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March 17, 1994 - Image 3

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The Michigan Daily, 1994-03-17

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The MichiganDaily - Thursday, March 17, 1994 -3

'Big Three' student representatives unite to increase funding


Student government officials of
Michigan's collegiate "Big Three"-
Michigan State University, Wayne
State University and the University
of Michigan -joined forces yester-
day in an attempt to convince legis-
lators to increase funding for higher
Brad Thaler, student assembly
chair for the Associated Students of
Michigan State University said the

three universities decided to work
together because they have much in
common. Representing more than
100,000 students, the schools are na-
tionally recognized by the Carnegie
institute as "research intensive."
"We felt, as larger research uni-
versities, that some of our interests
were different than other universi-
ties," Thaler said.
Speaking before the House Higher
Education subcommittee in Lansing,
student leaders lobbied for at least a

3-percent increase in funding for their
Thaler said the representatives
added a student perspective to issues
being addressed.
Craig Greenberg, president of the
Michigan Student Assembly, also
testified for the 35,000 students at
the University.
"We wanted to show the people
in Lansing that our three student bod-
ies are serious about being heard. We
feel students should have a major say

in the running of state higher educa-
tion system," he said.
Although the University is repre-
sented by the Michigan Collegiate
Coalition, a statewide lobbying or-
ganization, Greenberg said there was
no reason the University should not
be contributing to those efforts.
Each of the three representatives
mentioned examples where students
faced difficulty finding sufficient
funds to cover university costs.
Nedda Shayota, vice-chair of the

Intergovernmental Relations Com-
mittee and member of the Student
Council of Wayne State University,
said in his testimony, "The national
economic situation has taken its toll
on everyone -especially students."
Thaler and Greenberg agreed that
the testimony was a success.
"I think this is the beginning of a
great joint effort between our univer-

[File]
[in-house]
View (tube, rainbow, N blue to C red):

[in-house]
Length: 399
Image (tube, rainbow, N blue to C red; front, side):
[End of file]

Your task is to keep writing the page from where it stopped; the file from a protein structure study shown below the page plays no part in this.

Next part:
sities," Greenberg said.
Greenberg said there was much
more the University could do to in-

crease and improve the quality and
funding level of higher education for
all Michigan's research universities.
"The next step is to increase our
efforts with more participation of the
students of our three schools. We
need to do more than just testify; we
need to increase communication be-
tween our schools and between our
students and the state government,"
he said.

Seminar focuses on .
"women and AIDS r.

'U' science center
receives grant for
research on lasers

The 50 seats in the small East
Lecture Room of the Rackham Build-
ing overflowed yesterday afternoon
when the Michigan Initiative for
Women's Health (MIWH) led a
"Woman and HIV" seminar.
Eve Mokotoff, chief HIV/AIDS
epidemiologist for the Michigan De-
partment of Public Health, led a talk
that emphasized the growing need to
educate women in light of the high
number of HIV-positive women in
the state.
Throughout the seminar Mokotoff
presented many statistics concerning
women and HIV in the state. Michigan
ranks as the 14th highest state in the
country for cases of women with HIV.
The number of women that have been
tested HIV-positive in Michigan alone
ranges between 650 and 2,100.
"HIV data is so difficult to draw
conclusions about because there are
millions of biases," Mokotoff said.
The risk category data in the De-
troit Metropolitan region show 59
*percent of HIV-positive women at-
tained the virus through the use of
injected drugs, while 13 percent of
HIV-positive women became infected